President Nazarbayev has ruled Kazakhstan in a patriarchal fashion since 1990 and is one of the ablest politicians in the post-Soviet era. As the moment has come to hand over his office, he has prepared with his typical caution and astuteness. The odds are that the leadership transition will be successful, although a lot could go wrong.
In a nutshell
- President Nursultan Nazarbayev has anchored Kazakhstan's internal stability and international security
- His decision to step down in March 2019 has initiated a long-prepared leadership succession
- Mr. Nazarbayev's chosen successor, Kassym-Jomart Tokayev, may end up being a transitional figure
The political elite of Kazakhstan, the largest country in Central Asia, was not replaced or even seriously disturbed when the Soviet Union collapsed. No one who questioned the communist past even came close to assuming a position of power after 1991. Instead, the country is the last post-Soviet state to maintain an unbroken personal continuity in its political leadership since the USSR’s demise. Only now is this continuity facing a decisive test.
Because Kazakhstan never threw out its ruling elite, the ruling class that has remained in place since the late 1980s has undergone a gradual but deep evolution. The central figure in the power system is Nursultan Nazarbayev, an unusually talented, experienced and effective politician who served as Kazakhstan’s president from 1990 until his resignation in March 2019. Perhaps not coincidentally, he is perhaps the only national leader in the post-Soviet space who never lost touch with the everyday problems of ordinary people.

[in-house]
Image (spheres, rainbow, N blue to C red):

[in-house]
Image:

The unusual circumstances in which Mr. Nazarbayev came to power in 1989 as first secretary of the communist party in Kazakhstan is part of his mystique. In December 1986, Kazakhs in Almaty rose in bloody rebellion against the imposition of an outsider as leader of the local communist party – and the subsequent state of emergency that lasted for three years. It only ended when Soviet leader Mikhail Gorbachev elevated Mr. Nazarbayev to the position in 1989, restoring the important symbolism of Kazakh leadership to the republic.